All four U.S. senators from South Carolina and Georgia are urging the nation's new energy secretary to fix Savannah River Site's aging infrastructure.
Sen. Strom Thurmond, R-S.C., wrote Friday to Energy Secretary Spencer Abraham, asking him to fund about $208 million in improvements at the federal nuclear weapons site. The letter was co-signed by Sens. Ernest "Fritz" Hollings, D-S.C.; Max Cleland, D-Ga.; and Zell Miller, D-Ga.
"As a result of lacking refurbishment, SRS has experienced an increase in the amount of problems in areas that have not received upgrades in the past 10 years," the senators wrote, noting that much of the site's infrastructure is more than 40 years old.
"In order for SRS to remain the `Flagship' of the Energy Department's industrial complex, we strongly feel that there are several critical areas that require immediate attention from you and your Department."
The letter came one day after Mr. Abraham testified before the Senate Armed Services Committee about infrastructure needs at the nation's nuclear weapons facilities.
A spokesman for the secretary said Mr. Abraham was committed to meeting infrastructure needs across the nuclear weapons complex.
"The secretary has made addressing the problems of infrastructure at all of our sites a top priority and will be addressing all the needs at all the sites in some way, shape or form," said Joe Davis, the secretary's deputy director for public affairs. "We appreciate the senators' heads-up and look forward to speaking with them about the issues."
SRS has a backlog of about $800 million in needed repairs and upgrades to its infrastructure - the backbone that is formed by roads, bridges, utilities and buildings.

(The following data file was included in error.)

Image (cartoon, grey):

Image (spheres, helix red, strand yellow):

Concerns about the site's infrastructure have surfaced several times, most recently in March 2000, when the site's Citizens Advisory Board pushed the Energy Department to provide money to address SRS infrastructure needs.
Repair needs cited
U.S. senators from South Carolina and Georgia asked Energy Secretary Spencer Abraham to fund improvements in five specific systems at Savannah River Site:
Steam system reconfiguration: Would replace the D-Area powerhouse, the site's primary steam supplier, with a more efficient source of steam. Estimated cost: $40 million.
Improvements to waste collection and transfer system: Would upgrade the site's system for transferring highly radioactive wastes in order to meet state and federal regulatory requirements. Estimated cost: $45 million.
Improvements to Savannah River Technology Center's ventilation systems: Would upgrade the research-and-development lab's ventilation systems, which currently place workers at risk of exposure to radiation, the senators reported. Estimated cost: $40 million.
Security Systems Restoration Project: Would replace aging systems, prone to failures, with modern, standardized equipment. Estimated cost: $48 million.
Site Electrical Infrastructure Restoration Project: Would upgrade site electrical systems that cannot cope with increased demands for electricity. Some systems contain components that do not comply with codes and could cause fire and explosion if they failed, the senators wrote. Estimated cost: $35 million.
Reach Brandon Haddock at (706) 823-3409.